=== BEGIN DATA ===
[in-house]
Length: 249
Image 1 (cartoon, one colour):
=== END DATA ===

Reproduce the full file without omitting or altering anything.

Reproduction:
[in-house]
Length: 249
Image 1 (cartoon, one colour):